Try this class practical to explore reactivity series with various metals as they react with acids on a microscale
In this microscale experiment, students observe the reactions of various metals with hydrochloric acid, nitric acid and sulfuric acid. They record their findings and attempt to explain them. Students may then be asked to write word and symbol equations for the reactions involved.
The practical should take about 20 minutes.
- Eye protection
- Student worksheet
- Clear plastic sheet (eg ohp sheet)
- Magnifying glass
- Petri dish and lid
Solutions should be contained in plastic pipettes. See the accompanying guidance on apparatus and techniques for microscale chemistry, which includes instructions for preparing a variety of solutions.
- Hydrochloric acid, 1 mol dm–3
- Dilute nitric acid, 1 mol dm–3
- Concentrated nitric acid, 5 mol dm–3
- Sulfuric acid, 1 mol dm–3
- Magnesium ribbon
- Zinc metal – small granules
- Iron filings
- Tin granules
- Copper turnings
Health, safety and technical notes
- Read our standard health and safety guidance.
- Wear eye protection throughout (splash-resistant goggles to BS EN166 3).
- Do NOT increase quantities mentioned and work in a well-ventilated laboratory. Nitrogen oxides are formed, gases are CORROSIVE and very TOXIC (fatal if inhaled) – see CLEAPSS Hazcard HC068B.
- Hydrochloric acid, HCl(aq), 1 mol dm–3 is low hazard – see CLEAPSS Hazcard HC047a and CLEAPSS Recipe Book RB043.
- Dilute nitric acid, HNO3(aq), 1 mol dm–3 is CORROSIVE – see CLEAPSS Hazcard HC067 and CLEAPSS Recipe Book RB061.
- Concentrated nitric acid, HNO3(aq), 5 mol dm–3 is OXIDISING, CORROSIVE and gives off TOXIC fumes – see CLEAPSS Hazcard HC067 and CLEAPSS Recipe Book RB061.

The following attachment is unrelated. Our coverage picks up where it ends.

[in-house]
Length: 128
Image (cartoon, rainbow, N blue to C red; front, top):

- Sulfuric acid, H2SO4(aq), 1 mol dm–3 is CORROSIVE – see CLEAPSS Hazcard HC098a and CLEAPSS Recipe Book RB098.
- Magnesium ribbon is FLAMMABLE – see CLEAPSS Hazcard HC059A.
- Zinc powder, Zn(s), is FLAMMABLE and hazardous to the aquatic environment – see CLEAPSS Hazcard HC107.
As you do these experiments observe carefully and record your findings.
- Cover the table on your worksheet with a clear plastic sheet.
- Place a few copper turnings in each box in the copper row.
- Place one small piece of magnesium ribbon in each box in the magnesium row.
- Place a few zinc granules in each box in the zinc row.
- Place some iron filings in each box in the iron row.
- Finally, place a few tin granules in each box in the tin row.
When all the pieces of metal are in place:
- Add two drops of dilute hydrochloric acid to each metal in the hydrochloric acid column.
- Add two drops of dilute nitric acid to each metal in the nitric acid column.
- Add two drops of dilute sulfuric acid to each metal in the sulfuric acid column.
- Finally, put one piece of copper turning into the Petri dish. Add two drops of concentrated nitric acid and immediately put on the lid.
Question for students
What did you observe? Give explanations for your observations.
Teaching notes and expected observations
The magnesium ribbon reacts vigorously with each acid. The zinc and iron also react, but less vigorously. In each case hydrogen gas is produced as well as the metal salt. The reaction between iron and nitric acid eventually produces a red-brown rust colour (iron(III) oxide). Students could link this with corrosion and acid rain. Tin and copper do not react with the hydrochloric and sulfuric acids but a few bubbles may be seen (using the magnifying glass) with the nitric acid.
The reaction between copper and concentrated nitric acid produces a blue solution and bubbles (of brown nitrogen dioxide). Students MUST put the lid over the Petri dish as soon as they add the acid. Nitrogen dioxide is very toxic.
Students can write word and symbol equations for the reactions involved.
- Editable handout | Word, Size 51.17 kb
- Handout | PDF, Size 0.13 mb
- Editable handout | Word, Size 51.19 kb
- Handout | PDF, Size 0.13 mb
This resource is part of our Microscale chemistry collection, which brings together smaller-scale experiments to engage your students and explore key chemical ideas. The resources originally appeared in the book Microscale chemistry: experiments in miniature, published by the Royal Society of Chemistry in 1998.
© Royal Society of Chemistry
Health and safety checked, 2018